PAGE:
How Musical “Battles” Connected Women to the Violence of Civil War, WQXR radio weblogTo paraphrase historian David McCullough, the Civil War was fought in 10,000 places, from Valverde, New Mexico, and Tullahoma Tennessee, to St. Alban’s, Vermont, and Fernandina on the Florida coast. The battle locations were many, but the conflict was alive beyond the battlefields, too – including parlors across the nation. The American Civil War saw an explosion of popularity for battle pieces — compositions that invited those on the home front to imagine the events of the war through music, thanks to the power of sonic imagery. They became a regular component of life at the homefront for many (mainly northern), white women.
In an article for the Summer 2016 volume of 19th Century Music, Professor Elizabeth Morgan of St. John’s University examines the role these pieces played on the homefront. She traces the genre’s popularity back to 18th-century Czech composer Frantisek Kotzwara’s Battle of Prague.
“Easily the best-known keyboard work in the genre during the late 18th and early 19th centuries, the Battle of Prague would inspire American works on the Revolutionary, Mexican-American, and Civil wars, often serving as a template for these later pieces, which mimicked its motives, form, and narrative trajectory,” she writes.
At the height of their popularity, battle pieces and their performance threw into relief several curious relationships and commentaries on gender. Society then, as it still does now, has a tendency to gender instruments. While 19th-century Americans were theoretically fine with women playing the piano, battle pieces drew more complicated feelings. Morgan cites several satirical references to Kotzwara’s piece in contemporary popular fiction by authors including Edgar Allen Poe and Mark Twain. But mocking Prague wasn’t limited to Americans — Ellen Thorneycroft Fowler’s short story "Wanted, A Wife," which includes a protagonist who hates nothing more than a woman at the piano, all because his grandmother played Prague constantly in his youth, and “he had neither forgotten nor forgiven her.”
Why was it such a focus of derision during a time when battle music was one of the most popular genres for American music publishers? Morgan thinks that, for some, it may have lain in a distaste of program music, where sound is used to represent hard concepts.
Then there’s the physical embodiment of the performance. Quoting Twain, Morgan argues that it was the “mimetic relationship between battle music and wartime fighting that lent the genre to satire.” The American satirist wrote of the pianist's body, with all the contortions and movements that come with mapping the violence of war on a battlefield onto the violence of music at the piano.
Third, Morgan writes that there could have been discomfort in the way the genre merged public and private life. Battle pieces were considered compositions for women, and by their very nature required performers to imagine themselves in the grisliest of situations. But for many in the 19th-century, this was incomprehensible. “This identification was not always received warmly,” explains Morgan, “but instead that an audience might laugh at a young female performer, implying that she took herself too seriously.”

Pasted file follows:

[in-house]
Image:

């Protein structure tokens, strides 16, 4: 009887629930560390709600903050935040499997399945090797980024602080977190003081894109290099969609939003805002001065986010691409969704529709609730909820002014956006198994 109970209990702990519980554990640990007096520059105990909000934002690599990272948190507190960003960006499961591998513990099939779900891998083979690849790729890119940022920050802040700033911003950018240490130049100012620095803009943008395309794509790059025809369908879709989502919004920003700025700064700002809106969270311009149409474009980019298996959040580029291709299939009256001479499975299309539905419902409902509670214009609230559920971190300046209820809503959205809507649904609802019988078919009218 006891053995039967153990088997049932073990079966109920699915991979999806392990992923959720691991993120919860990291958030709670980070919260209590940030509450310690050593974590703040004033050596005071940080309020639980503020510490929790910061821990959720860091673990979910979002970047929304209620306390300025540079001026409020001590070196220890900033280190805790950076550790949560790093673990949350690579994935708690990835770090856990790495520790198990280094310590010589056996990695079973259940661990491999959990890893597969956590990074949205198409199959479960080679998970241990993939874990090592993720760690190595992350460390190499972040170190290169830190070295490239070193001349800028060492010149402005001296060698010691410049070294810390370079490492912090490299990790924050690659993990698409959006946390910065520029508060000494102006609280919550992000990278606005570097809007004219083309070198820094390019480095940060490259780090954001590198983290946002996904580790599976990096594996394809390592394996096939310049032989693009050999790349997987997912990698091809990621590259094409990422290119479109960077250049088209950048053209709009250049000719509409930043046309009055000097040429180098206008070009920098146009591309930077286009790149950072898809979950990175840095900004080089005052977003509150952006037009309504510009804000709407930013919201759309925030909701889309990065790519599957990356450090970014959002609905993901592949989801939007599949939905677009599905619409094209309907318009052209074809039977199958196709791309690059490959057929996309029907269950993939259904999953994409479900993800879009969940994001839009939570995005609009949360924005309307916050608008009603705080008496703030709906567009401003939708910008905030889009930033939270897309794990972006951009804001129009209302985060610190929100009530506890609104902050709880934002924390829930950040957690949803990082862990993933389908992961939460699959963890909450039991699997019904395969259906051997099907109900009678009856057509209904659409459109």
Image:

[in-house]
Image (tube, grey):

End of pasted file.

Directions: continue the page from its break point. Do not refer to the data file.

Wartime has historically opened employment opportunities to members of society that would have normally been denied them. For example, it was increasingly acceptable for (white) women to be nurses on the front. (The same cannot be said for female doctors). And during the 1860s, there was a surge of women writing music. “Hundreds of female composers published works on topics related to the war,” Morgan writes, and while they weren’t all battle pieces, it was still a significant social shift. “Just as the war made it socially acceptable to be a nurse for soldiers at the front, it also expanded the bounds of propriety to include being a published woman composer.”
Since it’s program music, Morgan argues that women composers brought a different perspective to the table. For example, Laura Hastings Hatch wrote Battle of the Wilderness in 1869, well after the war’s conclusion — which is significant because, at the time, battle pieces were often published shortly after the events depicted. Morgan also points out that while the genre often illustrated clear victories, the Battle of the Wilderness was a violent affair without a clear victor. The sheet music’s cover, too, lacks victorious imagery; it contains instead broken bodies and tools of destruction. There’s no glory in that music, and Morgan theorizes gender may have had a hand in shaping that perspective.
It is difficult to imagine that anyone felt the casualties of the bloodiest war in American history more acutely than women at home, she argues, ”many of whom waited for soldiers who didn’t return or who came home permanently altered.” That it proves hard to find a recording of Wilderness, a battle piece that stands in stark contrast to so many others of its day, is maddening.
“War is hell.” That phrase (supposedly) first uttered by William Tecumseh Sherman tells us that the glories of the battlefield and the romance of war are an illusion, a sham. Trauma and violence don’t just stay on the front lines — it made its way back home too, affecting even the day’s entertainment. White women, through music, found themselves tethered to the theaters of war, with some taking advantage of the creative opportunities that arose during the chaos. If anything, these piano “battles” teach us that, whether home or away, it’s nearly impossible to escape the grip of a Republic of Suffering.
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